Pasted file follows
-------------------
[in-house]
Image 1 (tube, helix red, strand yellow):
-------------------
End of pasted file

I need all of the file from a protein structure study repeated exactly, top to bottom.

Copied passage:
[in-house]
Image 1 (tube, helix red, strand yellow):